Class 3 - This air has significant contaminant concentration, significantly offensive odor, or sensory-irritation intensity. It is suitable for recirculation with the same space, but is not suitable for recirculation or transfer to any other space. Examples of Class 3 spaces include kitchens, dry cleaners, beauty salons, laboratories, and pet shops.

Class 4 - This air has "highly objectionable fumes or gases, or potentially containing dangerous particles, bioaerosols, or gases at a concentration high enough to be considered harmful," said Gotham. It is not suitable for recirculation or transfer to any other space. Examples include paint spray booths, lab fume exhaust, and kitchen grease exhaust.

Energy Recovery

Now comes the tricky part.

According to the addendum, "Class 2 air may be redesignated as Class 1 air in the process of recovering energy when it is diluted with outdoor air such that no more than 10 percent of the resulting airstream is Class 2 air. Class 3 air may be redesignated as Class 1 air in the process of recovering energy when it is diluted with outdoor air such that no more than 5 percent of the resulting airstream is Class 3 air."

There are some common sense points to consider. Gotham explained, "When applying an ERV to recovery energy from the exhaust air from a heavy-use smoking lounge, it's recommended to bring the outdoor air back into the smoking lounge area because the 5 percent leakage of the ERV may be objectionable to nonsmokers.

"When you think about the real world and how these are likely to be applied," he continued, "a common application is a commercial building that requires a minimum of 1,000 cfm of restroom exhaust and 3,000 cfm of fresh outdoor air, based on the ventilation code.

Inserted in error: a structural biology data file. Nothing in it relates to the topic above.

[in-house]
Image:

"With an ERV, you would size the outside air side for 3,000 cfm and bump the exhaust side up to 2,500 or 2,700 cfm (maintaining a positive building pressure) to optimize your energy recovery. The result is a much fresher smelling restroom because you're more than doubling the code required exhaust air as you balance the building airflow."

Putting it another way: "You may recover energy from restroom exhaust (Class 2) air to precondition outdoor air for a Class 1 space (i.e., classroom or office space) as long as the energy recovery cross leakage is no greater than 10 percent. The same logic applies to recovering energy from Class 3 air, with the cross leakage limit reduced to 5 percent."

More Efficienct Design

"The language in addendum y is extremely important," Gotham said, "because it enables specifying engineers to be comfortable designing higher-efficiency systems. ASHRAE's official endorsement of the practice of ‘recirculating' a small amount of Class 2 air encourages the practice of recovering energy from restroom exhaust air.

"Now, total enthalpy energy recovery wheels with ARI-certified cross leakage ratings may confidently be specified for restroom applications, maximizing total energy recovery while keeping code officials satisfied."

Another energy benefit of the addendum's language, he said, is that "energy wheel purge sections are not necessary for Class 2 air, and may not be necessary for Class 3 air. This is important because a wheel purge option typically increases the ERV horsepower 50 to 75 percent.

"With good energy recovery wheel designs limiting cross leakage to less than 5 percent without a purge option, engineers can have very low cross leakage and a highly efficient ERV system."

For more information, visit www.greenheck.com, www.ari.org, or www.ashrae.org.

Publication date: 04/25/2005